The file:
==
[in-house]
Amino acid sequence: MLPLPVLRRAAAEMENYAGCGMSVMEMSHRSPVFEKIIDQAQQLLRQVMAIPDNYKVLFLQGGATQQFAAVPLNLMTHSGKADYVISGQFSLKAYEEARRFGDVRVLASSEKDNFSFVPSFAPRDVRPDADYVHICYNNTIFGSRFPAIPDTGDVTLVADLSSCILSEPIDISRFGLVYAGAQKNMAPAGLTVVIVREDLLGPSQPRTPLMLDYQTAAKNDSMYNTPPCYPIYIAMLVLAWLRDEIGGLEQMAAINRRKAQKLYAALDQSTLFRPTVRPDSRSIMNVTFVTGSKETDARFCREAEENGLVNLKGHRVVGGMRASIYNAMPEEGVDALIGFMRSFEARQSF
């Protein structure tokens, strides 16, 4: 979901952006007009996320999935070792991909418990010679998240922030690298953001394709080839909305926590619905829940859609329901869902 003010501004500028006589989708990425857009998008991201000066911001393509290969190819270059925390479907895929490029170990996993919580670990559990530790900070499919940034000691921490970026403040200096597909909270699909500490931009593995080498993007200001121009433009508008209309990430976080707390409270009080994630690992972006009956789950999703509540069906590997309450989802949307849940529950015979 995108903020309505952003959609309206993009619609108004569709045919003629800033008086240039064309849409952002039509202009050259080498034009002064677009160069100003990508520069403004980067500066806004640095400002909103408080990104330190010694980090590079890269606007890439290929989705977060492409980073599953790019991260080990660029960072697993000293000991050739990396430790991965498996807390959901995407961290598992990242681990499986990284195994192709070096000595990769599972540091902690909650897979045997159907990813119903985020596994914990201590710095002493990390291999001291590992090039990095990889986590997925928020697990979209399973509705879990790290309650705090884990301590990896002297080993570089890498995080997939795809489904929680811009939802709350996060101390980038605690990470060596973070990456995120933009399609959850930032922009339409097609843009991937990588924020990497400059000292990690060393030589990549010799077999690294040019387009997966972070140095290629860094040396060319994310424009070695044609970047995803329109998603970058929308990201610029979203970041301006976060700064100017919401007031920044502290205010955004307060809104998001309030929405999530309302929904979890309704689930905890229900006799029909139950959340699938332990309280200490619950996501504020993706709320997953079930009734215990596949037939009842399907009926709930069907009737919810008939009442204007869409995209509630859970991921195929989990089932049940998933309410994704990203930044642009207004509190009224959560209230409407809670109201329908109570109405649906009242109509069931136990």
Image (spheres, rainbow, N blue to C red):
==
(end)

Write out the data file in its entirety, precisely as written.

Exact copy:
[in-house]
Amino acid sequence: MLPLPVLRRAAAEMENYAGCGMSVMEMSHRSPVFEKIIDQAQQLLRQVMAIPDNYKVLFLQGGATQQFAAVPLNLMTHSGKADYVISGQFSLKAYEEARRFGDVRVLASSEKDNFSFVPSFAPRDVRPDADYVHICYNNTIFGSRFPAIPDTGDVTLVADLSSCILSEPIDISRFGLVYAGAQKNMAPAGLTVVIVREDLLGPSQPRTPLMLDYQTAAKNDSMYNTPPCYPIYIAMLVLAWLRDEIGGLEQMAAINRRKAQKLYAALDQSTLFRPTVRPDSRSIMNVTFVTGSKETDARFCREAEENGLVNLKGHRVVGGMRASIYNAMPEEGVDALIGFMRSFEARQSF
């Protein structure tokens, strides 16, 4: 979901952006007009996320999935070792991909418990010679998240922030690298953001394709080839909305926590619905829940859609329901869902 003010501004500028006589989708990425857009998008991201000066911001393509290969190819270059925390479907895929490029170990996993919580670990559990530790900070499919940034000691921490970026403040200096597909909270699909500490931009593995080498993007200001121009433009508008209309990430976080707390409270009080994630690992972006009956789950999703509540069906590997309450989802949307849940529950015979 995108903020309505952003959609309206993009619609108004569709045919003629800033008086240039064309849409952002039509202009050259080498034009002064677009160069100003990508520069403004980067500066806004640095400002909103408080990104330190010694980090590079890269606007890439290929989705977060492409980073599953790019991260080990660029960072697993000293000991050739990396430790991965498996807390959901995407961290598992990242681990499986990284195994192709070096000595990769599972540091902690909650897979045997159907990813119903985020596994914990201590710095002493990390291999001291590992090039990095990889986590997925928020697990979209399973509705879990790290309650705090884990301590990896002297080993570089890498995080997939795809489904929680811009939802709350996060101390980038605690990470060596973070990456995120933009399609959850930032922009339409097609843009991937990588924020990497400059000292990690060393030589990549010799077999690294040019387009997966972070140095290629860094040396060319994310424009070695044609970047995803329109998603970058929308990201610029979203970041301006976060700064100017919401007031920044502290205010955004307060809104998001309030929405999530309302929904979890309704689930905890229900006799029909139950959340699938332990309280200490619950996501504020993706709320997953079930009734215990596949037939009842399907009926709930069907009737919810008939009442204007869409995209509630859970991921195929989990089932049940998933309410994704990203930044642009207004509190009224959560209230409407809670109201329908109570109405649906009242109509069931136990």
Image (spheres, rainbow, N blue to C red):